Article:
I am short. I am really short. I am 22 years old and only 1,55m tall. My relatives keep mistaking me for my sister, who is eight years younger than me. Your size shouldn’t define you. Size doesn’t matter. Not the horizontal, nor the vertical size. But is that really the way it goes?
“Normal sized” people might think it, but for us shorties it isn’t as easy. No one sees all the desperate moments, when not a single pair of jeans fit. They’re all too long and yet too tight. Who is supposed to wear them anyways? No one counts all the group pictures, in which I wonder if I should stand on my tip toes or rather knee in the front so my height difference won’t be that obvious. No one realises that my laughter, when someone asks “Where’s Lottie, I can’t see her?”, is only to hide my tears. Or that I don’t go to the blackboard anymore because everyone thinks its so funny that I can’t reach its top. Nobody knows how embarrassed I am to admit my height.
At fourteen I changed schools and suddenly realised how short I am. And the next four years were pure agony. My mum and dad constantly had to comfort me because of how I look. My wardrobe got filled with several pairs of high heels, which absolutely didn’t suit me, but at least tried to lengthen me. I spent evenings after evenings googling leg extensions. Yep, you can fix your legs and I was silly enough to wish for it.
My life was good as it was – but the length of my legs made me unhappy.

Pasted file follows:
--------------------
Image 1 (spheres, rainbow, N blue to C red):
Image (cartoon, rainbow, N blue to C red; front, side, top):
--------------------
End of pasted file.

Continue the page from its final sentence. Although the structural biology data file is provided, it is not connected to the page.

After that two things changed. I met my boyfriend and started university. Which means that I had to take care of myself, and on the other hand that I suddenly had someone who told me every day that he loves me. Due to uni I had way less time to think about my looks – and I experienced success! I finished one course after another with the best grades and did something, that really made me happy. I found things that I’m good at and that I enjoyed. And I had someone who told me that I’m beautiful. Me. Beautiful. With my short legs that I couldn’t show him in the beginning, as embarrassed as I was. Can you imagine?
It’s normal that I get greeted with “Oh, you’re so short!”, when I meet someone new. At some point I started replying “Short and proud of it!”. At that point I didn’t really mean it yet, but when people smiled at me admirably I slowly started to adopt that thought.
Last week I was yet again asked how tall I am. And I winced – but not because of the question, but because of the fact that I didn’t wince in the first place. Before I feared that question, it made me anxious and I couldn’t answer it truthfully. Today I can say that I’m 1,55 and that it’s fine. Of course 15, 10 or even only 5 cm more would be nice – but it’s the way it is. I’m more than my height. And finally I can see that too.
P.S.: Are any of you girls short? What do you think about your height? I have a lot more to say on that topic – this won’t be the last post about it!